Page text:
Halloween is upon us. This is a great time to gather friends, enjoy fun snacks, and hang out outside. However, this can pose some risks to your pets. Here are some tips to keep your fur baby safe while spooking.
Decorations – Who’s afraid of the big bad wolf?
Halloween kicks off the most decorative time of year! Make sure that your pet is kept safe. Try using battery operated lights in jack-o-lanterns instead of candles. Keep an eye on glowsticks, Fake blood, rubber props. Most pets love to chew these, and the fillings may be toxic for your pet. Also watch pets around artificial spiderwebs, it is easy to get paws tangled in those while playing.
Consider using cardboard boxes in your decorating – Give your pet a place to hide and explore safely.
Costumes – Because going as a dog is so last year!
Costumes are a great way to include your pet in the festivities but make sure to consider comfort. Some fabrics can insulate your pet making it very easy to overheat, others can bind and pinch the skin. Masks and hats can impede breathing, or scratch at eyes and ears.
It is suggested that you try out a costume and check for your pet’s comfort level. Look for signs of discomfort such as hunched walking, lowered head and ears, and sideways glances and turning. Evaluate your pet often and remove costume if uncomfortable or if they are chewing loose ends.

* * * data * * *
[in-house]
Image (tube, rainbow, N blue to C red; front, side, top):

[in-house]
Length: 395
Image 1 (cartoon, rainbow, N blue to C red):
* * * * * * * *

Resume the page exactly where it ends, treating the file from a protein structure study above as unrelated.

When in doubt – Hurry and take a photo and let your pet relax the rest of the evening. No one will know 😊
Snacks – Vampires are not the only ones with GARLIC issues!
As always, avoiding people treats is the best for your pet. Chocolate, grapes, garlic, onions are among the top toxic treats your pets can get into. Also, the sweetener xylitol (a more recently discovered toxin) is found in an assortment of products like gum and sugar-free sweets.
Keeping candy bags stowed away and poison control’s number handy will help prevent the dreaded chocolate terror.
Trick or treat – Smell our feet!
It is best to leave your pet at home and inside during your haunting. Strangers in costumes, moving decorations, and strange sounds can alarm your pet. This can cause stress for your pet and possible unwanted behaviors.
“A room diffuser and a dark, quiet room are helpful to pet this time of year” says Dr. Elizabeth Crowder. “Feliway and Adaptil both use pheromone technology to provide a safe calming effect in your pet.”
You can also (weather permitting) pass out treats from your garage or driveway. This reduces the amount times your pet is alerted to the doorbell.
Identification – Who’s afraid of the big bad wolf?
Make sure your pets are microchipped and have appropriate identification. Trick or treaters give many opportunities for your pet to run out the front door.
Inside is also the safest place for your black cat as misfortune tends to follow them in October (awful superstitious people).